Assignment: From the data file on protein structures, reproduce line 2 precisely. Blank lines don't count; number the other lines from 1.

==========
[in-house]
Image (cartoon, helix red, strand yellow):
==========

Image (cartoon, helix red, strand yellow):